Another limitation was the use of manual methods rather than automatic counters for absolute leukocyte count. Observer error is inherent in manual counting, although we minimized interobserver error by using only one observer and intraobserver error by averaging repeated observations on each sample. Manual and automated counting have been found to have similar equivalence coefficients (0.950 vs. 0.920).[43,44] Several authors have shown that automatic hemocytometers optimize time and laboratory resources but tend to count approximately 10 cells less than manual counters and do not discriminate cell types as well as manual counters, especially in the granulocytic and erythroid lines.[43-46] This is particularly important to keep in mind in this type of study because patients receiving granulocyte colony stimulating factor mobilize large numbers of these cells into peripheral circulation and automated counting could substantially underestimate final postmobilization counts.

Diabetes mellitus is associated with increased risk of atherosclerosis and poor prognosis following vascular occlusion,[47] as well as with disturbances in endothelial cell and monocyte maturation.[48] Neovascularization does not consist only of angiogenesis but also involves bone marrow-derived EPCs, which participate in vasculogenesis, contributing 25% of blood vessel formation.[49] The number of EPCs in circulation is relatively low but increases in response to trauma or ischemia, mobilizing from bone marrow to periphery.[50]

Some studies have shown patients at risk for coronary disease and diabetes to have reduced numbers of circulating EPCs.[51] Animal research suggests diminished vasculogenesis in diabetes, since EPC proliferation and differentiation are less in diabetic than in nondiabetic animals.[52,53] Thus, we can infer that hyperglycemia should negatively influence neovascularization, exactly what we observed in this study, where diabetes was a moderately strong prognostic factor, contributing two points to the predictive scale.

Alterations in plasma lipoproteins and lipid metabolic disorders are among the most firmly established and atherosclerosis risk factors.[54] After a usually prolonged asymptomatic phase, atherosclerosis can become manifest; one clinical expression is chronic lower limb ischemia with intermittent claudication.[55] Thus, increased blood lipids, especially triglycerides, represent a direct prognostic factor, notably increasing atherosclerosis and consequently vascular occlusion throughout the body. This reduces nourishment availability for implanted stem cells, limiting their ability to differentiate into vessel-forming endothelial cells.[56] Increased triglycerides were a minor prognostic factor for failed angiogenesis in our study, contributing one point to the predictive scale.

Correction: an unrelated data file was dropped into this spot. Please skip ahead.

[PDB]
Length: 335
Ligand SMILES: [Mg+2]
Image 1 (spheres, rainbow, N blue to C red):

The main limitations of this study that may have affected its findings are those inherent in its small sample size, its local nature and lack of randomization, possibly explaining the absence of an effect of such recognized risk factors as hypercholesterolemia, chronic renal insufficiency and advanced Fontaine stage.

The literature reviewed did not identify a predictive scale specific to HSC autotransplantation for lower limb ischemia, which led us to extrapolate ours from one used for cardiac ischemia. The scale thus developed is therefore preliminary by definition, subject to all the limitations inherent in this type of study, and requires further research and modification. Nonetheless, we have provisionally identified factors that should be taken into account when deciding which patients are most likely to benefit from HSC autograft. Our study's ultimate contribution will depend on future research to corroborate the predictive value of the possible prognostic factors found and the clinical usefulness of the risk scale developed.

 

CONCLUSIONS

Five clinical and laboratory variables were identified as possible predictors of poor prognosis after HSC autograft for chronic lower limb ischemia. The scale thus created has potential for classifying patients according to their high, intermediate or low angiogenic potential. Generalization of these results is subject to corroboration and refinement by further research.

 

ACKNOWLEDGMENTS

Thanks to Latin American Medical School students Eliana Paola Álvarez Cabral and Flavio Andrés Bovio Caltieri, for their invaluable help in data collection and to the Dr Gustavo Aldereguía Lima University General Hospital.

 

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Submitted: September 19, 2011
Approved for publication: July 20, 2012
Disclosures: None